Superintendent of Johnston Schools Bernard DiLullo said that two state teams conducted walkthroughs at each of the eight schools in town last week, as the district clears another hurdle on the way to reopening.
During his interview with the Sun Rise last week, DiLullo said the district was able to secure its inspections early. Gov. Gina Raimondo announced during her Sept. 1 press conference that groups comprised of representatives from the Department of Health, National Guard and other state agencies would conduct walkthroughs at every school across the state.
DiLullo said the teams were present from about 8:30 a.m. to 3:30 p.m. and – while they did not go into every room – “did look at samples of rooms” and looked around for proper ventilation and airflow.
“They visited some classrooms, took a look at the seating arrangements, took a look at the window ventilation, assessed the nurse’s offices to ensure we had separate offices,” DiLullo said during a phone interview on Wednesday. “They gave us a preliminary written report where they said our plans for the ventilation would be that, rooms that had air conditioners, leaving the air conditioning on, opening windows and opening doors. Also rooms that don’t have air conditioning would have box fans that would circulate the air in the classrooms.”
DiLullo said the district has ordered new filters for classrooms to conform to higher standards, and that the buildings are all “very clean at this point.” He said rooms have received fresh coats of paint as well.
He added that the middle and high school returns, which are a gradual phase-in spanning from the first day on Sept. 14 to early October, will be evaluated every month depending on “the behavior of the virus at the time.”
Elementary students will return strictly by grade, while middle and high school students will return by level last name, either A-L or M-Z depending on the day. The superintendent said sixth and ninth grades will return first, with schools working their way up to eighth and 12th grades, respectively.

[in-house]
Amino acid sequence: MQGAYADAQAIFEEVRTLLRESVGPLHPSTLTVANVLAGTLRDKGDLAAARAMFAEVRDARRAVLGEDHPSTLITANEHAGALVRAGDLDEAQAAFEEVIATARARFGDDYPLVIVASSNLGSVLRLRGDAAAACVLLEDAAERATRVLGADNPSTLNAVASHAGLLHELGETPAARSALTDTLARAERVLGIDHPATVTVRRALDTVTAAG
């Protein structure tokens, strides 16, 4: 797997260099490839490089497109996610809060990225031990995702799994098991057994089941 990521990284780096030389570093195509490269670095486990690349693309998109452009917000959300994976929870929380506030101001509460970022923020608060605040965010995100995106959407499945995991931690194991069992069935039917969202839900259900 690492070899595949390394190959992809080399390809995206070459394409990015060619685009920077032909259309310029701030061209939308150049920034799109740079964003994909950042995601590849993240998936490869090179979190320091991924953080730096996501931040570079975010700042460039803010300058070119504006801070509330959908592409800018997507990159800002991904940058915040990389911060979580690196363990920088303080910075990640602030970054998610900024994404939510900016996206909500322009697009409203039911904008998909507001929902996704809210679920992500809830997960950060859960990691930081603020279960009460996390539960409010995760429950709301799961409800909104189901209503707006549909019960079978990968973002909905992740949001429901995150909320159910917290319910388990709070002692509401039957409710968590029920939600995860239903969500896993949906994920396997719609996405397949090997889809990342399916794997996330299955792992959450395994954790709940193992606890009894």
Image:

“I think there’s a lot of considerations in terms of the intricacies of school,” DiLullo said. “The first and foremost is the safety of everybody, staff, students and teachers. I think it’s important to make sure that you're doing everything you possibly can to reopen schools, and I think we are.”
DiLullo said there’s been a “mixed” reaction to Raimondo’s green light for a full reopening from other superintendents across the state. He referenced that some districts, such as Warwick, are opting to begin the year with full distance learning. However, most superintendents are also taking the Johnston approach – returning students by grade level and slowly acclimating everyone to the new normal.
“I think it’s critical that we get kids back as much as we can because – while some kids did well with distance learning – that was difficult for other kids to not have the advantage of being in front of a teacher for a length of time during the course of the day and not being able to focus as much as you can in terms of being in a classroom as opposed to being at home in front of a computer screen,” DiLullo said. “I think that’s difficult for a lot of kids, particularly our younger kids.”
Schools open their doors on Sept. 14, and it will be a hectic next few days in Johnston. Schedules went out to parents on Monday, and teachers will have professional development during which they will be kept up to date on proper protocols.
“[That] will include a segment on managing the classroom with safety in mind and the procedures that need to be taken, such as 6-feet distance, washing hands frequently throughout the course of the day, wearing masks, going outside for masks breaks. School is going to look a lot different to the kids,” DiLullo said.
He also provided an update on the progress of a potentially new elementary school in town, saying the project manager and contractor have been participating in focus groups to understand what the town would like to see.
DiLullo said they met with a wide variety of groups – from instructional to safety and facilities – and some patterns have begun to emerge. Most folks want to see upgraded science labs, areas for students to congregate and better technological features.
“These were all focus groups to talk about what we want our schools to look like. Not only the potential for a new elementary school, but also the middle and the high school upgrades,” DiLullo told the Sun Rise. “All of those issues came up in those focus groups, and the next step is the project manager and the contractor will start to put that all together and some proposals around what needs to be done in each building and in a potentially new school.”